Gallup and CDC have both released new poll data this week finding sharp drops in the U.S. uninsured rate since 2013, before most of the Affordable Care Act's coverage expansions took effect.
A Gallup survey released on Monday found that the uninsured rate among U.S. adults has fallen from 17.3% in 2013 to 11.7%.
Gallup's biannual survey compared responses from more than 178,000 adults in 2013 with responses from nearly about 89,000 adults in the first half of this year.
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According to the survey, Arkansas and Kentucky saw the largest reductions, with the states' uninsured rates falling by about 13 percentage points and 11 percentage points, respectively, over the past two years. Oregon, Rhode Island, and Washington also saw their uninsured rates drop by at least 10 percentage points.
In addition, six total states—Connecticut, Hawaii, Iowa, Massachusetts, Minnesota, and Vermont—had their insured rates increase to at least 95%. Previously, Massachusetts was the only state to reach that level.
And only one state—Texas—currently has an uninsured rate above 20%, according to the survey. Fourteen states in 2013 had uninsured rates higher than 20%, including Texas, which had the highest uninsured rate, at 27%.
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CDC: Number of uninsured has dropped by one-third since 2013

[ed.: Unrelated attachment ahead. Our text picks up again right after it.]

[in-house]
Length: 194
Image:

Meanwhile, a report released Wednesday by CDC found that the number of Americans who are uninsured dropped by about one-third to 29 million between 2013 and the first quarter of 2015.
For the report, researchers analyzed data for about 26,000 people from the National Health Interview Survey.
They found that the number of Americans without health insurance dropped by about 15.8 million between 2013 and 2015. The report found that the uninsured rate among all U.S. residents declined from 14.4% in 2013 to 9.2% in the first quarter of 2015.
The data also show that proportion of uninsured declined more steeply in states that have expanded Medicaid through the Affordable Care Act than it did in states that have not expanded the program.
According to the report, between 2013 and the first quarter of 2015 the percentage of residents ages 18 to 64 without coverage declined from about 18.5% to about 10.5% in expansion states and from about 23% to about 17% in non-expansion states (Howell, Washington Times, 8/10; Lauter, Los Angeles Times, 8/10; Sullivan, The Hill, 8/10; Gallup survey, 8/10; Pear, New York Times, 8/12; Ungar, USA Today, 8/12).
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